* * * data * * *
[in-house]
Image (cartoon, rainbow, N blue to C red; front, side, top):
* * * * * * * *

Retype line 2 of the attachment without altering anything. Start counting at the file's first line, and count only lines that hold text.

Image (cartoon, rainbow, N blue to C red; front, side, top):